QUANTIFYING THE EMISSIONS OF CARBON DIOXIDE (CO2), CARBON MONOXIDE (CO), AND NITROGEN OXIDES (NOx) FROM HUMAN ACTIVITIES: TOP-DOWN AND BOTTOM-UP APPROACHES
Salawitch, Ross J.
Dickerson, Russell R.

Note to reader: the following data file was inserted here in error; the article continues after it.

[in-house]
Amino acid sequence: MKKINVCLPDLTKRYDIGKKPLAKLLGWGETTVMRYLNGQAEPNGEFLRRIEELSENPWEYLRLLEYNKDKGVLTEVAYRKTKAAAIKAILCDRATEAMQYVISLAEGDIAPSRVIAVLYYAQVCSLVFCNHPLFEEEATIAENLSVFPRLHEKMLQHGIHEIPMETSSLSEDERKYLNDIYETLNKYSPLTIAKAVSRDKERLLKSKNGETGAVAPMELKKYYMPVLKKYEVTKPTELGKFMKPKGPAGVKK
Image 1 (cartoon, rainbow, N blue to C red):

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This dissertation encompasses three projects that quantify the emissions of greenhouse gases and air pollutants from human activities. In the first project, we use the aircraft-based mass balance (MB) approach to quantify the emission of CO2 from the Baltimore, MD-Washington, D.C. (Balt-Wash) area during winter 2015. Based on analysis of aircraft observations using the MB-based top-down approach, we estimate the emission of 1.9 ± 0.3 million metric tons (MtC) of CO2 due to the combustion of fossil fuels (FFCO2) from the Balt-Wash region February 2015. Our value is 14% lower than the 2.2 ± 0.3 MtC mean estimate of FFCO2 from four bottom-up inventories often used to drive climate policy. In the second project, we investigate the declines in the emissions of CO2 and CO from the Balt-Wash area during the COVID-19 pandemic. We estimate using the MB approach applied to aircraft data that the emission of CO2 and CO declined by 29–32% and by 27–37%, respectively, from February 2020 (prior to COVID-19 lockdowns) to April – May 2020 (in the midst of COVID-19 pandemic). We show that for February 2020, two bottom-up emission inventories (EDGARv50 and the state of Maryland inventory) underestimate CO2 emissions by 13–18%, whereas two bottom-up inventories (EDGARv50 and NEI2017) overestimate the emission of CO by 54–66%. We show that the major contributor to the overestimation of the emission of CO in the bottom-up inventory is due to the mobile (i.e., cars and trucks) sector. The third project examines the emissions of CO2 and NOx from the U.S. power sector. We quantify reductions in the emissions due to the following two factors: the direct impact of COVID-19; changes in the fuel-mix profile during 2015-2020 (i.e., switching from coal to natural gas). For the contiguous U.S., we estimate the impact of COVID-19 in April 2020 to be the decline of 18±4% on the emission of CO2 and 22± 5% on the emission of NOx. For the same month, we estimate the impact of the fuel-mix transition to be declines of 26% on the emission of CO2 and 42% on the emission of NOx.